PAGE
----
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Litigation: Upjohn warnings and external consultants

When consultants are equivalent to employees, companies are required to warn them that privilege belongs to the company, not the individual

Corporate counsel conducting internal investigations have relatively little instruction on whether to interview the company’s third-party consultants and, if so, whether an Upjohn warning is necessary. But courts have recently addressed two related concepts:

  1. The importance of providing pre-interview Upjohn warnings to corporate employees
  2. The corporate attorney–client privilege covers consultants considered the “functional equivalent” of corporate employees

Together these concepts provide corporate counsel informed guidance when interviewing consultants as part of an internal investigation.

The functional equivalent of employee decisions should lead counsel to give the Upjohn warning to third-party consultants prior to interviewing them as part of an internal investigation. But should the Model Rules of Professional Conduct. Rule 1.13(a) provides that corporate counsel represent the corporation “acting through its duly authorized constituents.” This language necessarily excludes an attorney–client relationship between corporate counsel and the corporation’s constituents. And the rule’s comments explain that the term “constituents” includes officers, directors, employees, shareholders and positions equivalent to officers, directors, employees and shareholders. So, while there is a dearth of case law interpreting this rule and its comments, it is reasonable to conclude that corporate counsel may represent the corporation through a person equivalent to an employee. This conclusion comports with the functional equivalent of employee test applied for purposes of the corporate attorney–client privilege.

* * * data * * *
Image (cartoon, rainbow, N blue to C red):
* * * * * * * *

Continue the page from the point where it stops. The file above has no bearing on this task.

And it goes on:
In sum, so long as a third-party consultant may be deemed the functional equivalent of an employee, ethical rules declare the corporate counsel represents the corporation through the consultant but not the consultant individually. And the corporate attorney–client privilege should cover the consultant’s communications with corporate counsel. Consequently, the better practice is for counsel to provide the Upjohn warning when interviewing consultants during an internal investigation.

Contributing Author

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Todd Presnell

Todd Presnell is a partner in the Nashville office of Bradley Arant Boult Cummings, LLP. He is licensed in Georgia and Tennessee and represents...

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